Guinness PRO14 Finals through the years

Paul Eddison
23 May 2018

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The reigning champions against the European champions – Saturday’s Guinness PRO14 Final has all the ingredients for a magnificent showdown as Leinster take on the Scarlets.

For the Scarlets it is a return to the ground where they won their first title in such emphatic style a year ago, racking up 46 points against Munster.

Leinster, meanwhile, are seeking to win their first league title since 2014, when they saw off Glasgow Warriors at the RDS Arena.

As we prepare for that game, we have taken a look back at some of the standout finals since they were introduced back in 2010.

2017 – Scarlets run riot

Until 2017 no team had ever won a semi-final on the road. The Scarlets did that by beating Saturday’s opponents in Dublin, despite losing Steff Evans to a red card in the first half. They followed that up with a remarkable performance at the Aviva Stadium.


Romping to a 46-22 win, they ran in six tries with all their key performers getting in on the act. Devastating on the counter-attack, Liam Williams got the ball rolling, with Evans, Gareth Davies and Tadhg Beirne all crossing before half-time.

DTH van der Merwe added another ten minutes from time before James Davies sealed the win with the final play of the game.

2016 – Connacht complete the fairytale

Everyone was waiting for Pat Lam’s Connacht to falter, but they confounded all the experts on their way to a maiden title in 2016.

Finishing second in the table in the regular season, they saw off Glasgow Warriors on the final day of the season before doing the same again in the semi-final. They then travelled to BT Murrayfield to take on Leinster and stunned the side from Dublin.

Their back three all got on the scoresheet, Tiernan O’Halloran with the first, Niyi Adeolokun in acrobatic fashion with the second, and finally Matt Healy finally ending Leinster hopes in the 20-10.

2015 – Glasgow get over the line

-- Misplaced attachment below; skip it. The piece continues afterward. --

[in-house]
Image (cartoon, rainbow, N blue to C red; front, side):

A year after losing in the final to Leinster, Glasgow Warriors were back in the showpiece event – the first not to be played at the home ground of the top seeds, in this case the Kingspan Stadium.

Up against Munster, Glasgow club captain Ali Kellock was playing his final match for the team, although he was only on the bench. Instead it was the incredible Leone Nakarawa who led the charge as they ran out 31-13 winners, with first-half tries from Rob Harley, DTH van der Merwe and Henry Pyrgos.


Finn Russell added another in the second half to complete a fantastic success and give now-Scotland coach Gregor Townsend his first major silverware as a coach.

2013 – Leinster outlast Ulster

Leinster made each of the first five finals, winning two including the 2013 final against Ulster at the RDS Arena. In Joe Schmidt’s final game in charge before heading take over as Ireland coach, they got the better of their provincial rivals 24-18 in a tight encounter.

Ruan Pienaar was the star performer for Ulster, kicking six penalties to provide all their points.

However that was not enough as Leinster scored a try in each half, through back-rowers Shane Jennings and Jamie Heaslip, along with four penalties from Johnny Sexton, on their way to victory.

2012 – Shane Williams signs off in style

If there was one man who knew how to seize an occasion, it was Shane Williams and he certainly did so in 2012.

In his final game for the Ospreys in 2012, he produced the decisive try in what is unquestionably the most dramatic final to date.

Up against Leinster, the Ospreys trailed 30-24 with two minutes to go when Williams squeezed through the clutches of Rob Kearney to dot down.

That left a touchline conversion for Dan Biggar, which he duly slotted, and the Ospreys held on for a second win in three years.

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